British policing has been “shot through” with Chinese-made cameras, drones, and surveillance systems, according to a watchdog on Thursday. Biometrics and Surveillance Camera Commissioner Fraser Sampson published the final analysis of a survey, showing at least half of the police forces in England and Wales were using camera systems with security or ethical concerns. Last year, Fraser released an initial analysis based on responses received by then.
Out of the 47 forces Sampson’s office (OBSCC) wrote to, including 43 local police forces, the British Transport Police, the Civil Nuclear Constabulary, the Ministry of Defence, and the National Crime Agency (NCA), 39 completed the survey. The reports said it was “disappointing” that only 91 percent of the forces returned the survey despite the fact OBSCC accepted responses made three months after the closing date.
Analysis showed that at least 18 respondents, around 38 percent of all forces, told the OBSCC they were using external camera system equipment that has been flagged for having security or ethical concerns, including Dahua, Hikvision, Honeywell and Huawei, and Nuuo. More than half of the forces (at least 24) said they were using this equipment in their internal camera systems. At least 11 respondents say their Automatic Number Plate Recognition (ANPR) systems use equipment flagged for security or ethical concerns while at least two respondents use Hikvision cameras in their body-worn video systems.
The commissioner also said 23 of the 31 respondents who said they operate cameras on drones said they were aware of security or ethical concerns about DJI, the Chinese company that made their drones. Those who didn’t respond to the survey included the NCA and police forces in Greater Manchester, Merseyside, City of London, Gloucestershire, Gwent, South Yorkshire, and Thames Valley.
The watchdog said it’s “abundantly clear” that “the police estate in the UK is shot through with Chinese surveillance cameras.” Fraser Sampson noted that it is “also clear that the forces deploying this equipment are generally aware that there are security and ethical concerns about the companies that supply their kit.” Referring to the recent incidents in which Chinese spy balloons were found “60,000 feet up in the sky” over the Americas, Sampson said he doesn’t understand why the UK is “not at least as concerned about the Chinese cameras six feet about our head in the street and elsewhere.”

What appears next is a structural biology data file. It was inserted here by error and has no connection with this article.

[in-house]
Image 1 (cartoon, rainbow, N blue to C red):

Hikvision and Dahua, two world-leading surveillance camera manufacturers ultimately owned by the Chinese Communist Party, are the main suppliers of surveillance cameras in Xinjiang, where the Uyghur Tribunal—chaired by the prominent British barrister and judge Sir Geoffrey Nice KC—found genocide had been taking place. The cameras have also been found to have backdoors and vulnerabilities, sparking security concerns. The United States has blacklisted both companies.
In response, the UK government last year told its departments to stop installing new Chinese surveillance cameras in sensitive sites, citing security considerations, and advised them to consider replacing the existing ones before the maintenance schedule and do the same with non-sensitive sites. Chancellor of the Duchy of Lancaster Oliver Dowden noted that the manufacturers are subject to China’s National Intelligence Law, a law that requires all organisations and citizens to “support, assist, and cooperate with national intelligence efforts.”
Biometrics and Surveillance Camera Commissioner Fraser Sampson said that “we should, both for security and ethical reasons, really be asking ourselves whether it is ever appropriate for public bodies to use equipment made by companies with such serious questions hanging over them.” He also warned that the responsible use of surveillance is vital to gain public trust.
In response, a spokesman for the National Police Chiefs’ Council (NPCC) said that following government guidance, UK Policing will conduct necessary reviews to ensure national security standards are met. A Hikvision spokesman said that it is “categorically false to represent Hikvision as a threat to national security.” He added that the company welcomed the NPCC review and is “committed to upholding the highest standards and respect for human rights.”
PA Media contributed to this report.